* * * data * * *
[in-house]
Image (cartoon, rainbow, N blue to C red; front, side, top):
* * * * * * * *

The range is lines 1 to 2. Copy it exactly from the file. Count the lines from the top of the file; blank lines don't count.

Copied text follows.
[in-house]
Image (cartoon, rainbow, N blue to C red; front, side, top):